Douglas Aibel Casting
Blair Breard Co-producer
Joe Camp Asst. Director
George Drakoulias Musical Direction/Supervision
Drew Kunin Sound/Sound Designer
Carol Littleton Editor
Jono Oliver Asst. Director
Anne Ross Production Designer
Ann Roth Costumes/Costume Designer
Scott Rudin Producer
Harris Savides Cinematographer
Alan Stockhausen Art Director
Paul Urmson Sound/Sound Designer

Scene Index

Disc #1 -- Margot at the Wedding
1. Chapter 1 [:13]
2. Chapter 2 [:08]
3. Chapter 3 [7:17]
4. Chapter 4 [:41]
5. Chapter 5 [7:26]
6. Chapter 6 [8:06]
7. Chapter 7 [:46]
8. Chapter 8 [7:18]
9. Chapter 9 [2:39]
10. Chapter 10 [5:44]
11. Chapter 11 [1:56]
12. Chapter 12 [6:46]


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4.5 out of 5 based on 0 ratings. 2 reviews.
Guest More than 1 year ago
Noah Baumbach creates strange films, movies that are low budget in appearance (except for the sterling casts he assembles), dicey stories about dysfunctional people (and there is obviously a mirror here for seeing our own dysfunctional traits), moods that suggest the films of Ingmar Bergman shot with camera work that blurs the line of reality and fantasy, and in the end films that initiate discussion (both arguing for and against the quality of time the viewers have just spent). His are message films and while they may not entertain the mass number of filmgoers, they are an important aspect of the new American cinema. Novelist Margot (Nicole Kidman) and her son Claude (Zane Pais, in an impressive film debut) are traveling to Margot's semi-estranged sister's wedding: hippie Pauline (Jennifer Jason Leigh) is marrying the bizarre artist wannabe Malcolm (Jack Black) in the backyard of the girl's old home somewhere in New England. The sisters have a rocky relationship, strained by family secrets that include a distant mother and strange sister and a possibly pedophilia father, and strained by Margot's success as a writer (though she has failed in her marriage to the nebulous Jim - John Turturro - and is having an affair with another writer Dick - Ciarán Hinds - whose Harvard daughter Maisy - Halley Feiffer - is an oversexed thorn in the family's eyes), and strained by Pauline's lack of direction away from her past as a 'woman of loose morals' to the discovery that she is pregnant by the loser Malcolm. The entire story takes place on the weekend of Pauline's planned wedding and everything that could possibly go wrong does. Each of the sister's idiosyncrasies and maladjustments to life come into play and the only characters who seem to be able to make sense of any of the behavior abnormalities are the sisters' children - Claude and Pauline's daughter Ingrid (Flora Cross). If there is a focal point that rises out of all this dysfunctional behavior it is the manner in which Margot and Claude are bonded as mother and son - not a perfect balance of roles but one of great tenderness and intention. Yes, there are some strangely comic aspects to this story, dark though they may be, but the overall impression is one of trying to understand why each of these strange characters has chosen their paths in life - and that opens the forum for viewer introspection and excellent post-viewing conversation. Much of the success of this little film is due to the fine performances by Kidman, Leigh, Pais, Turturro, Hinds, and Black. It is a very strong cast able to accompany us on this often confusing journey. Grady Harp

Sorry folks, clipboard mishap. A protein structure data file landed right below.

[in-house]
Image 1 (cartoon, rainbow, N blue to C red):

Anonymous More than 1 year ago